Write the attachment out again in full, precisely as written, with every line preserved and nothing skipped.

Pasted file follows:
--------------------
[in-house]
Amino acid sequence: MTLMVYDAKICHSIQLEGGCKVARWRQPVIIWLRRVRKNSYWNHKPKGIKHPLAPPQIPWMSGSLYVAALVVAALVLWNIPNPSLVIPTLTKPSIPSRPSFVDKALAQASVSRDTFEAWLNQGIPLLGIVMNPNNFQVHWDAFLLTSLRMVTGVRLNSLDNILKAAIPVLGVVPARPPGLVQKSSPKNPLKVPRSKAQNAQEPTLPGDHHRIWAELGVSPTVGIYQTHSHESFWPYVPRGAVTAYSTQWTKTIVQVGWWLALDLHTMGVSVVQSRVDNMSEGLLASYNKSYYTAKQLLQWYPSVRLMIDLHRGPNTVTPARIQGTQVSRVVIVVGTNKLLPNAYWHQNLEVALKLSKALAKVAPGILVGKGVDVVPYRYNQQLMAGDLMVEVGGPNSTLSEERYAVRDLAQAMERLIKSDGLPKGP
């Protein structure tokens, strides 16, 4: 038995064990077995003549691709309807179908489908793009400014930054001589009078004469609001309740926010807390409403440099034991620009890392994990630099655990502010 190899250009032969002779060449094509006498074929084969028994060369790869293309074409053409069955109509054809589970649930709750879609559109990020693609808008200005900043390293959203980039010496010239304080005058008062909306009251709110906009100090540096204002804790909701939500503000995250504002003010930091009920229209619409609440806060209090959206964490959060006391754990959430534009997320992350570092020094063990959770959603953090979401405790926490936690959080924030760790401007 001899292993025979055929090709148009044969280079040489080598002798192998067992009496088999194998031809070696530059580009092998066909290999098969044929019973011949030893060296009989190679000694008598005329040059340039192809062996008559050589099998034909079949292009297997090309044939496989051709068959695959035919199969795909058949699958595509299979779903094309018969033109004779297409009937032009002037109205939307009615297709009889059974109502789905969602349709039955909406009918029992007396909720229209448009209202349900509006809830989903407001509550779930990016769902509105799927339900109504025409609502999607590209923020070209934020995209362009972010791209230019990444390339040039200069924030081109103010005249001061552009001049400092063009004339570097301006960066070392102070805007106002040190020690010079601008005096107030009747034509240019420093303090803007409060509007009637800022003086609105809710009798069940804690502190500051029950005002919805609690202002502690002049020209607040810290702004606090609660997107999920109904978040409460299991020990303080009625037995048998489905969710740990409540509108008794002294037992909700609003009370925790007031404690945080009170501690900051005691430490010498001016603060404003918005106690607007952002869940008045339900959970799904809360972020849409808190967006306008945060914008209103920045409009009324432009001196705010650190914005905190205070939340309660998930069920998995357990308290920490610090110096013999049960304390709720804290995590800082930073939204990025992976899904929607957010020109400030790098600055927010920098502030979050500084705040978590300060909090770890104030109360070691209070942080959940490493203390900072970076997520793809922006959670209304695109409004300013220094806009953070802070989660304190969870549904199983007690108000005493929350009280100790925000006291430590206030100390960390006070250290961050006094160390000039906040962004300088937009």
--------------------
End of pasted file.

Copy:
[in-house]
Amino acid sequence: MTLMVYDAKICHSIQLEGGCKVARWRQPVIIWLRRVRKNSYWNHKPKGIKHPLAPPQIPWMSGSLYVAALVVAALVLWNIPNPSLVIPTLTKPSIPSRPSFVDKALAQASVSRDTFEAWLNQGIPLLGIVMNPNNFQVHWDAFLLTSLRMVTGVRLNSLDNILKAAIPVLGVVPARPPGLVQKSSPKNPLKVPRSKAQNAQEPTLPGDHHRIWAELGVSPTVGIYQTHSHESFWPYVPRGAVTAYSTQWTKTIVQVGWWLALDLHTMGVSVVQSRVDNMSEGLLASYNKSYYTAKQLLQWYPSVRLMIDLHRGPNTVTPARIQGTQVSRVVIVVGTNKLLPNAYWHQNLEVALKLSKALAKVAPGILVGKGVDVVPYRYNQQLMAGDLMVEVGGPNSTLSEERYAVRDLAQAMERLIKSDGLPKGP
């Protein structure tokens, strides 16, 4: 038995064990077995003549691709309807179908489908793009400014930054001589009078004469609001309740926010807390409403440099034991620009890392994990630099655990502010 190899250009032969002779060449094509006498074929084969028994060369790869293309074409053409069955109509054809589970649930709750879609559109990020693609808008200005900043390293959203980039010496010239304080005058008062909306009251709110906009100090540096204002804790909701939500503000995250504002003010930091009920229209619409609440806060209090959206964490959060006391754990959430534009997320992350570092020094063990959770959603953090979401405790926490936690959080924030760790401007 001899292993025979055929090709148009044969280079040489080598002798192998067992009496088999194998031809070696530059580009092998066909290999098969044929019973011949030893060296009989190679000694008598005329040059340039192809062996008559050589099998034909079949292009297997090309044939496989051709068959695959035919199969795909058949699958595509299979779903094309018969033109004779297409009937032009002037109205939307009615297709009889059974109502789905969602349709039955909406009918029992007396909720229209448009209202349900509006809830989903407001509550779930990016769902509105799927339900109504025409609502999607590209923020070209934020995209362009972010791209230019990444390339040039200069924030081109103010005249001061552009001049400092063009004339570097301006960066070392102070805007106002040190020690010079601008005096107030009747034509240019420093303090803007409060509007009637800022003086609105809710009798069940804690502190500051029950005002919805609690202002502690002049020209607040810290702004606090609660997107999920109904978040409460299991020990303080009625037995048998489905969710740990409540509108008794002294037992909700609003009370925790007031404690945080009170501690900051005691430490010498001016603060404003918005106690607007952002869940008045339900959970799904809360972020849409808190967006306008945060914008209103920045409009009324432009001196705010650190914005905190205070939340309660998930069920998995357990308290920490610090110096013999049960304390709720804290995590800082930073939204990025992976899904929607957010020109400030790098600055927010920098502030979050500084705040978590300060909090770890104030109360070691209070942080959940490493203390900072970076997520793809922006959670209304695109409004300013220094806009953070802070989660304190969870549904199983007690108000005493929350009280100790925000006291430590206030100390960390006070250290961050006094160390000039906040962004300088937009």